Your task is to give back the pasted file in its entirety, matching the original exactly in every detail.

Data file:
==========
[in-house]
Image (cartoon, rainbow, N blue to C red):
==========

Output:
[in-house]
Image (cartoon, rainbow, N blue to C red):